Branches demand more perfection from developers since mistakes potentially affect others. This raises the cost of failure. Forks make failure extremely cheap since nothing that happens in a fork can affect others not using that fork.
The less need for upfront coordination, the better.
You can do a hostile fork. You cannot do a hostile branch. Branches depend on upfront coordination, which is expensive and fragile. One person can veto the desires of a whole group. In the ZeroMQ community for example we were unable to agree on a git branching model for a year. We solved that by using forking instead. The problem went away.
The more you can scale a project, the better.
The strong assumption in all branch strategies is that the repository is the project. But there is a limit to how many people you can get in agreement to work together in one repository. As I explained, the cost of upfront coordination can become fatal. A more realistic project scales by allowing anyone to start their own repositories, and ensuring these can work together. A project like ZeroMQ has dozens of repositories. Forking looks more scalable than branching.
Surprise and Expectations
The less surprising, the better.
People expect branches and find forks to be uncommon and thus confusing. This is the one aspect where branches win. However, it’s also a reason for sticking to FORTRAN and COBOL. We do not refuse innovation just because it’s surprising.
Economics of Participation
The more tangible the rewards, the better.
A fully free process like PC3/C4 lets people organize around problems. Most organizations are not ready for such a radical management approach. But even a top-down approach needs people to feel rewarded for their work. Branches don’t act like “product” but like “discrete variations of product”. People have less interest in contributing to a discrete variation. Whereas everyone wants their name on a successful product. So the economics of branches are worse than the economics of forks.
Robustness in Conflict
The more a model can survive conflict, the better.
Like it or not, people fight over ego, status, belief. If your organizational model depends on agreement, you won’t survive the first real fight. Branches do not survive real arguments and fights. Whereas forks can be hostile, and still benefit all parties. And this is indeed how free software works. Score one for forks, zero for braches.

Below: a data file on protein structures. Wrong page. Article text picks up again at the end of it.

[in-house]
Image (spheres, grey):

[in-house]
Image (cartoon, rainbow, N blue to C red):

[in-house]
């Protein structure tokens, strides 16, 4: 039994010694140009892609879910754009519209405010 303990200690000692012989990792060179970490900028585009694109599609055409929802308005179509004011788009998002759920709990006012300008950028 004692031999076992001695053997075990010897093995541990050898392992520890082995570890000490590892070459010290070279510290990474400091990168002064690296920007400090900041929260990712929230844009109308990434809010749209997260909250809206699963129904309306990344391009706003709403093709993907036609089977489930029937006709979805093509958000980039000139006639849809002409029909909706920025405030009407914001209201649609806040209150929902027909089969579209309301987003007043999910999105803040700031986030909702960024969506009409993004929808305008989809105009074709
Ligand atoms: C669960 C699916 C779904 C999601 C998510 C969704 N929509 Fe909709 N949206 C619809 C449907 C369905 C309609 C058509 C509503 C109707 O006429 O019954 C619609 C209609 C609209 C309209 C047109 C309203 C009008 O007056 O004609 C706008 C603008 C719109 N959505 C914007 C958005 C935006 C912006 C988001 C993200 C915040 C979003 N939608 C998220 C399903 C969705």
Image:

Guarantees of Isolation
The stronger the isolation between production code and experiment, the better.
People make mistakes. I’ve seen experimental code pushed to mainline production by error. I’ve seen people make bad panic changes under stress. But the real fault is in allowing two entirely separate generations of product to exist in the same protected space. If you can push to random-branch-x you can push to master. Branches do not guarantee isolation of production critical code. Forks do.
The more visible our work, the better.
Forks have watchers, issues, a README, a wiki. Branches have none of these. People try forks, build them, break them, patch them. Forks sit there until someone remembers to work on them. Forks have downloads and tarballs. Branches do not. When we look for self-organization, the more visible and declarative the problems, the faster and more accurately we can work.
Git branches are, in my experience and in shared repositories, harmful. It is better to work with a branch-free process that uses forks for stabilization. This comes from some years of trial and error on a wide range of projects.
We have systematically found forks to be cheaper and safer and easier than branches. Branch-free processes like C4 and PC3 are real, and they work, in anger, both on closed source and open source projects. The only downside of a branch-free process seems to be that it shocks people with previous git experience. This is a passing effect, in our experience.
You can read the original article and many others by Pieter Hintjens at hintjens.com.